The holding of the elections every four years is a constitutional entitlement that cannot be revoked or changed, and must be scheduled 45 days before the end of the legislative term.
The extension of the legislative period is important for most Sunni MPs who have lost influence in their regions to political and tribal figures who fought Daesh alongside the government under the umbrella of the Shiite-dominated paramilitary troops.
Kurdish blocs supported the demand to delay the election as they have lost control over the disputed areas since October after Baghdad launched a huge military campaign to drive back Kurdish forces.
Both sides have said that most of the Sunni areas are not eligible to participate in the elections due to the massive destruction caused by the insurgents and military operations launched by the Iraqi government to liberate areas seized by Daesh for almost three years, and the presence of millions of displaced people outside their areas.
The Union of Forces, which consists of most of the prominent Sunni parliamentary blocs, on Wednesday filed a formal request to Parliament to delay the elections for no less than a year “to work to create conditions in the cities devastated by the war on Daesh, reconstruct them and bring back the displaced people to their homes,” or “postpone the elections in the provinces seized by Daesh.”
Parliament on Thursday held a session to discuss the request in the presence of 260 of 325 lawmakers. In an attempt to free lawmakers from the domination of their blocs, Salim Al-Jabouri, the speaker and one of the biggest supporters of the postponement of elections, proposed to vote secretly on one option — a “yes or no for the secret vote on the postponement of elections.”
All the signs coming from inside Thursday’s session indicated that Al-Jubouri was about to succeed in postponing the election with the backing of more than 140 MPs who voted for the secret ballot, but the intervention of the heads of the Shiite blocs who called in their deputies to withdraw from the session to break the quorum, had blocked him.
“The number of attendees in the session was a big surprise for us. The stand of most Kurds and Sunnis (lawmakers) is known to us and we had no problem with this,” a senior Shiite lawmaker told Arab News on condition of anonymity.
“The problem was with some Shiite lawmakers and our Sunni and Kurdish allies who publicly say something and secretly do something else.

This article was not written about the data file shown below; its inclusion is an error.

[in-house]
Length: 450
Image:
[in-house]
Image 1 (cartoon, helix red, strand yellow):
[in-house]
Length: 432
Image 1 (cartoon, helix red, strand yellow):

“Salim (Al-Joubori) was trying to give those (the opponents) a chance to vote secretly to delay the election,” he said.
According to the Iraqi constitution, the Cabinet in coordination with the Higher Electoral Commission is the only body authorized to determine the date of an election and the readiness to hold it.
“Even if Parliament voted in favor of delaying the elections, everyone can challenge this decision and veto it,” Arez Abdullah, the head of parliamentary bloc of the Patriotic Union of Kurdistan, told Arab News.
“The federal court will simply overturn Parliament’s decision. Whoever asks to delay the election must submit constitutional arguments that convince the federal court to face the veto,” Abdullah said.
The UN and the US have expressed their support for holding the elections planned by the Iraqi government on time.
“Postponing the elections would set a dangerous precedent, undermining the constitution and damaging Iraq’s long-term democratic development,” the US embassy said in a statement on Thursday.
Iraqi Prime Minister Haider Abadi, who as head of the Cabinet has the exclusive authority to delay the election, has been repeating that the government is ready to hold the election on its scheduled date of May 12.
“The election will be held as it was scheduled, (and) all the political rallying is meant to affect the election results,” Abadi told reporters on Tuesday.
“We are doing everything we can to guarantee the return of internally displaced people to their homes and have established a plan to meet that commitment.
“This will be achieved without any kind of pressure or coercion,” Abadi said.